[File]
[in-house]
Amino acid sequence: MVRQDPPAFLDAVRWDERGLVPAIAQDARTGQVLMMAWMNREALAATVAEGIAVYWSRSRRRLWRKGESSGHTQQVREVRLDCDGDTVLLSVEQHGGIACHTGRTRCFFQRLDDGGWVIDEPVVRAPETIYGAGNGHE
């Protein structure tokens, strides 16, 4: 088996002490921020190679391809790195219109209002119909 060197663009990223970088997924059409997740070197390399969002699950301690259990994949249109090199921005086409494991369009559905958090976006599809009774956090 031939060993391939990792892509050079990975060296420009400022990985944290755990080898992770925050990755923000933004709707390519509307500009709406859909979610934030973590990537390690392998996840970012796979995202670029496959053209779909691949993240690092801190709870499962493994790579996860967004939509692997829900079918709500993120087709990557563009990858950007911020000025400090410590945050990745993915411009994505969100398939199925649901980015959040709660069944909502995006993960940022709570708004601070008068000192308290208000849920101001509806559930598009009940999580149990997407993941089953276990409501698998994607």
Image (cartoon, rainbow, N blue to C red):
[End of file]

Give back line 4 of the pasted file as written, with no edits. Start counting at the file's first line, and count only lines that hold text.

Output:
Image (cartoon, rainbow, N blue to C red):